Hello, my name is***** am a qualified lawyer and it is my pleasure to assist you with your question today.
How long has your son been working there for?
The issue here is that the law will be against him I’m afraid. The Working Time Regulations 1998 deal with the right to take and grant annual leave. To be able to make a formal request for annual leave a worker is required to give notice to the employer that is at least twice as long as the leave to be taken. In your example he wants to take 2 weeks so let's say that equates to 2 days a week working time he must apply for this at least 4 days before the leave is due to be taken. However, at the same time the employer has a legal right to reject his request without having to provide a reason, by giving him notice equal to the leave requested. So in the same example they can reject his request by telling him of their decision a least 2 days before it is due to be taken. So regardless of the factors such as his age, hours, length of service and so on, the employer has the legal right to reject his request even if there would have been no adverse effects on the business whatsoever had they allowed him to take this leave. The only times they may not be able to do this is if the reasons for their decision were discriminatory and this includes things like age, gender, race, religion, disability etc. So if they allowed older workers to take leave then but did not let him due to his young age he may have a potential case – without this, I am afraid the employer has the unconditional right to decline his request subject to giving him the required notice.so if there is a blanket prohibition for all staff for taking leave around Christmas that would be entirely lawful.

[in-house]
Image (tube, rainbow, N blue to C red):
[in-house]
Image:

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Thank you, ***** ***** zero hours contract makes no difference at all, he is still just a worker for legal purposes and the same rules apply for permanent employees, zero hours workers, casual workers, agency workers, etc
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